Tuesday, June 19, 2012
Wednesday, June 6, 2012
Over at Metropolitan Hamilton, Mahesh P Butani has published a piece of mine, 'A Proposition Towards a More 'Livable' City'. Please go there and give it some thought.
Additionally, I present it here:
A Proposition Towards
a More 'Livable' City
Sunday, May 27, 2012
For some months now, I've been publishing extracts of an interview with the head of the Hamilton Federation of Neighbourhood Assiociations, Lauren McCrawley...in 2022.
The earlier ones can be found via this post...
...and today's can be found here.
Sunday, May 20, 2012
Here's something I just published over at My Stoney Creek:
Most of the action at Teresa & Co's site has to do with the 'Perspectives Virtual Panel: The Best Place to Raise a Child' article.
Well, the fallout.
Actually, it has to do with the non-responses from councillors.
Um... As a matter of fact, it has to do with engagement...although not just the absence of the stuff on the parts of 13 of 16 Council members, but also how people are seeing the need for residents to press their representatives at 71 Main Street West more.
Friday, May 11, 2012
Yes, it's an American article talking about American society and American politics. But despite all this, there's a lot of great stuff in there.
Here are some highlights:
-When self-government is dominated by professionals representing various interests, a vicious cycle of citizen detachment ensues. Regular people come to treat civic problems as something outside themselves, something done to them, rather than something they have a hand in making and could have a hand in unmaking. They anticipate that engagement is futile, and their prediction fulfills itself.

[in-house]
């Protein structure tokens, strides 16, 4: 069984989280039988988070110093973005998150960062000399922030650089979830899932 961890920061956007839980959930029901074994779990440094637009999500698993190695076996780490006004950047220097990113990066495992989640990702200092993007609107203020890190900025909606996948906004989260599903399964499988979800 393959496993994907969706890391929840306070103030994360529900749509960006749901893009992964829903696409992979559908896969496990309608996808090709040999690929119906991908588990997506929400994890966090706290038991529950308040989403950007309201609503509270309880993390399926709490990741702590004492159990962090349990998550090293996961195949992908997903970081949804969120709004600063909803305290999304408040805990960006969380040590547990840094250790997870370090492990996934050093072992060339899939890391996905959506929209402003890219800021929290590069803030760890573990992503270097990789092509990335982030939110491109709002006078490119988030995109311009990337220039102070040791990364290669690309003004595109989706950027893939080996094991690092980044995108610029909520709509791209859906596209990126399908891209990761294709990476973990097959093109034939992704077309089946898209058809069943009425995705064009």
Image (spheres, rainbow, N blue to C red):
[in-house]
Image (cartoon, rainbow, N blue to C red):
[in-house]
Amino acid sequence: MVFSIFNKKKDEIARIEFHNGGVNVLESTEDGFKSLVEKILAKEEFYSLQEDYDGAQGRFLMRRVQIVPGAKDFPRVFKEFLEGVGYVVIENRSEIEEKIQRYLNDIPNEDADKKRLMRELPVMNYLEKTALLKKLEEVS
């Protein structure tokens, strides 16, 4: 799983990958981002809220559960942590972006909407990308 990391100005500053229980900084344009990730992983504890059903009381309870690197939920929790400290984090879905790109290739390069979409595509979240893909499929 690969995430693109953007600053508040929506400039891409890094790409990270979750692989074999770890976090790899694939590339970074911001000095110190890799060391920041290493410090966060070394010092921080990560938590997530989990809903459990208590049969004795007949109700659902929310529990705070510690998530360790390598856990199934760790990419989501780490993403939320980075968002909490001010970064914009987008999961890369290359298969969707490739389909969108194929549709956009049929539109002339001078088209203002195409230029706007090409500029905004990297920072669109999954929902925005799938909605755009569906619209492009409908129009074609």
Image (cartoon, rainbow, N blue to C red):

-So how do we replace this vicious cycle with a virtuous one? What does it take to revive a spirit of citizenship as something undertaken by amateurs and volunteers with a stake in their own lives? There are four forces to activate, and they cut across the usual left-right lines.
- First, we have to develop our "citizen muscle."
- Second, we need to radically refocus on the local.
- Third, think in terms of challenges rather than orders.
- Fourth, create platforms where citizen citizens can actively serve.
I especially liked the Eric Liu-penned article's conclusion:
Recently I came upon a billboard by a congested highway. "You're not stuck in traffic," it said. "You are traffic." We aren't stuck in sclerotic government and extractive politics. We are these things. Our actions and omissions contribute to the conditions we decry. Or, to put it in positive terms: if we make the little shifts in mindset and habit to reclaim civic life, they will compound into contagion. We are the renewal of self-government we yearn for. That may sound like Obama '08 -- but it's also Reagan '80.
Citizenship, in the end, is too important to be left to professionals. It's time for us all to be trustees, of our libraries and every other part of public life. It's time to democratize democracy again.
(Oh, and don't forget to read the Comments section.)
M Adrian Brassington
P.S. Thanks go out to Michael Borrelli for bringing the article to my attention.